We saw this documentary ‘Cooked’ inspired in Michael Pollan’s book and it’s fascinating.
The ‘Air’ episode especially got our attention. Michael talks about bread – Yes, bread! – and how it has changed since it first originated back in Egypt in 500 BC. It really makes you think.
If you are interested about food and how it influences your health, please read this:
Around 6,000 years ago, someone invented bread by simply leaving flour and water lying around. That mix started to bubble and to naturally ferment.
So basically, that is Sourdough: a culture of yeasts and beneficial bacteria that occur naturally in bread flour and dough using two organisms: wild yeast and bacteria. The yeast and bacteria transform the grain and make it easier to digest.
But by the 20th century, readymade yeast was now available for large-scale commercial baking, and the new roller mills, processing tons of grain and refined flour (white flour) appeared. This was the new industrial process for mass production – the start of ‘fast food’.
In order to produce an acceptable loaf in the minimum of time, a whole arsenal of additives is necessary: among them extra yeast, extra gluten, fat to improve crumb softness, reducing agents to help create stretchier doughs, soya flour to add volume and softness, emulsifiers to produce bigger, softer loaves and retard staling, preservatives – to extend shelf-life, and a wide variety of enzymes.
Commercial yeast is a single kind of organism that raises the bread very quickly and transforms grain into something that’s even less good for you.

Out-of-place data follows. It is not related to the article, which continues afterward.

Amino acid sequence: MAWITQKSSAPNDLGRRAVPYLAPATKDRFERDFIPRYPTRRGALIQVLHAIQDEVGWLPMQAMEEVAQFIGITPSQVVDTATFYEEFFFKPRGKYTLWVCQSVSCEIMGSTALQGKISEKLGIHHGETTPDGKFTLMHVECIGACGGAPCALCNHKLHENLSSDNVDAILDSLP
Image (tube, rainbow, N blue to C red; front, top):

What is the impact on our health of bread produced this way? An epidemic of diabetes, gluten sensitivity and coeliac disease.
But what are the healthy benefits of sourdough bread?
In the long slow fermentation that produces sourdough bread, important nutrients such as iron, zinc and magnesium, antioxidants, folic acid and other B vitamins become easier for our bodies to absorb.
The longer soaking/rising time breaks the proteins (gluten) down into amino acids, making it more easily digested. This is why some who have a gluten sensitivity can tolerate sourdough wheat breads.
Source: The Guardian
Basics: bread, almond butter, banana and cinnamon.
Total time: 10m
Author: Honest Onion
Recipe type: Breakfast & Snacks
- 2 slices of bread (I used sourdough)
- Almond butter
- 1 ripe banana
- Ground cinnamon
- Toast the bread.
- Spread the almond butter evenly.
- Slice the banana and divide it between the slices.
- Spread the ground cinnamon on top.
- Warm the slices on the oven or microwave for 40-50 seconds, just enough to warm it.
The smell of cinnamon and the contrast from the salty bread and the sweet banana it’s amazing.
Please share your thoughts about Sourdough bread and this article.
It’s amazing how we can improve our health by what we eat, the choice is yours. When you know better, you do better, right?
We hope it will make you think too!